Ryoshi was one of the first Japanese restaurants in Bali, just a single shop size in Seminyak which later morphed into a much larger one next door. That move also heralded the beginning of Jazz at Ryoshi, utilising the large roof top area and pandering to the owner, Sagon’s, love of Jazz.
An early expansion saw the opening of Ryoshi Sanur, now it too has moved to larger premises further south along the same road, Danau Tamblingan [in between Soul in a Bowl and Massimo] and once again there is a large room above the restaurant so maybe another Jazz club will emerge?
There is a mix of Asian and table seating, the room is fully air-conditioned. Ryoshi is an institution in Bali, a truly traditional Japanese restaurant with as many or more, Caucasian customers as Japanese, and it has always been that way.
A brilliant menu well illustrated with colour pictures takes the fear factor away from any first timer. Your appetizers can be very healthy such as Edamame [steamed green soy beans sprinkled with sea salt], Agedashi Dofu [deep fried silken tofu in a hot broth], Nasu Miso [eggplant sautéed with onion and sweet miso] or a Mushroom Steak [sautéed in soy and garlic]. Seafood snacks include a great Soft Shell Crab, cooked tempura style in rice flour batter, Kwaebi Kara Age [crispy fried whole shrimps in their shells with sea salt] or Tako No Kara Age, wonderful fried octopus, nice and crunchy. For something different, try the Cheese Mochi, sticky rice cakes with soy, butter and cheese, or the Maguro Panko, crisp fried tuna rolls with a tangy sauce.
My most regular reason to visit a Japanese restaurant is to enjoy a wonderful, clean, fresh plate of assorted Sushi for lunch [pictured]. What could be healthier? At Ryoshi the offerings are of unbelievable value, my favourite is the Pisang combo, 12 pieces of sushi for abour $6 [the maki roll is cut into three which makes 14 in my book]. Sushi to be at its best should be prepared fresh, just for you, and not pre-prepared hours or days before and refrigerated.
It always tastes best fresh! At Ryoshi you can sit and watch it being made. It arrives accompanied by a small dish, a lump of wasabi [often referred to as Japanese horseradish but tasting more like a hot mustard] on its side, and a little pile of gari [sweet thinly sliced young ginger] on the edge of the sushi board. Tip some soy [always on the table in a small jug] and edge some of the wasabi in, to your taste! I place a complete sushi in the soy/wasabi mix so it can soak into the rice base [not the recommended Japanese way to eat it], then with chopsticks, or even fingers if you must, eat and savour the exquisite taste. Follow with a small slice of the gari, and a sip of whatever you are drinking. My kind of lunch!
Ryoshi has a number of different combination boards of sushi and sashimi [raw fish] or a combo of both. Other raw fish specials include their Tataki which is a Japanese salad of raw fish, a Tuna Carpaccio or Aji Tataki, a type of mackerel tartar. Chirashi Sushi is a bowl of various raw fish draped over sushi rice.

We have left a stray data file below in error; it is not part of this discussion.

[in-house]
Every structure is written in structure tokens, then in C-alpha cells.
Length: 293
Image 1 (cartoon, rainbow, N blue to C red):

Hot entrees include a variety of Kushiyaki [food on skewers]; Nasi, sliced eggplant with yakitori sauce, or my prefered Negi made with young leeks, Kawa, chicken skin grilled with salt and pepper, Teba [chicken wings] done the same way. Top of the list for me is their Hina, chicken and leeks in yakitori sauce, the Beef Rolls, sliced beef wrapped around julienned vegetables, Tsukune Mushroom, mushrooms stuffed with minced chicken, Ebi, salt and pepper prawns and Lebar, chicken livers in yakitori sauce. In fact I sometimes just make a meal of assorted Kushiyaki.
Most of the mains at Ryoshi are Yakimono, or grilled. Beef Teriyaki, or the Chicken or Fish equivalents everyone knows. A Teriyaki Hamburger is a touch of fusion, traditional ball of minced beef sautéed in Japanese wine and soy. Both Beef and Tuna can be had in sizzling Teppanyaki style, and then there are the Wagyu dishes; sirloin, rib eye or rump.
For the lone diner there are always the rice dishes; Zuki Don [tuna marinated in sesame and soy] Sukiyaki Don [beef] Oyako Don [chicken and egg or Katsu Don [pork cutlets] all served in a bowl over rice, or the Noodle selection with a variety of Soba [buckwheat] and Udon [thick] noodles.
When a place is as busy as this one you do not ever have to worry about freshness of produce. Ryoshi is one of Bali’s success stories, somewhere for an anytime snack or meal, alone of with friends.
Restaurant : Ryoshi.
Address : Jln. Danau Tamblingan, Sanur.
Telephone : 288.473.
Open : 11.30 a.m. to 11.30 p.m., daily.
Parking : Street only.
Price : Rp. 300,000 for two [+ drinks].
Credit Cards : All major cards.
Food : Japanese.
Wine : House Wine by glass/bottle.
Service : Quick and efficient.
Atmosphere : Much smashing of chopsticks.
Overall : Good taste, great value!
Reviews that appear in Bali Advertiser are based on actual visits to the establishments listed, without the knowledge of the restaurants, and are not paid for by the individual restaurants.
Opinions expressed here are those of Gerry Williams and not necessarily those of Bali Advertiser. Gerry Williams attempts to write from a ‘typical’ diner’s perspective and, whilst quality of food is the most important criteria overall, value for money is the real measuring stick.
Copyright © 2019 Gerry Williams